Tuesday, July 30, 2013
Your Community, Your Involvement
"In every community, there is work to be done. In every nation, there are wounds to heal. In every heart, there is the power to do it."
- Marianne Williamson
Spiritual teacher, author and lecturer. She has published ten books, including four New York Times #1 bestsellers.(b. 1952)
You are a talented person. You have choices to make about your time. You treasure certain things, and make money, that may be part of your treasure. Considering all that is true, and, since I am often asked how I got so involved in our community, this tip is about just that; community. Community means more than just where you live. And, community involvement is not limited to being engaged locally where you reside. Similarly to my belief that friends are the family you make your own, I believe your community is what you create, not just what others make.
Being a part of a true community means being involved. There is not a guideline for what to do, or how much time and energy "should" be dedicated. Being a contributing member of your community is up to you and your level of interest, desire, action and ownership.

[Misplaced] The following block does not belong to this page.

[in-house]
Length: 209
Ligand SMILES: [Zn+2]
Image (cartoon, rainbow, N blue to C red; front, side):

There are online communities. What are you involved in online? Are you contributing? Are those contributions positive and forward-focused, resolution-based and not bashing? Did you join a group and never go back? Consider exiting online communities that no longer interest you. Seek those that pique your interest now, and will likely last. If/when one dissipates, then seek others for which you can contribute.
There are community outreaches, where individuals join others to let people know about an event, a place, a cause or activity that is taking place to better someone or something. This is community involvement. If you have not done a walk, a run, or even volunteered to support a walk or run for a cause that is important to you, you may just see the road detours as an inconvenience rather than part of a community experience.
And, then again, there is the area (immediately) around you. Do you know the people by whom you live and work? Do you have pride in where you are and what you do? Do you know what is important to you, those with who you share time/space? Are you willing to put in time and energy to ensure those issues, causes or drives stay relevant? Do you buy locally to support your merchant community?
Being involved in your community does not just mean using the parks or things that were put in place by public funds. While that is part of it...choosing a venue that is local versus far away, requesting farm-to-table foods be served, it also means thinking about, and acting on, what you want your future to be...what you want to be the community in which you spend your time, talent and treasure.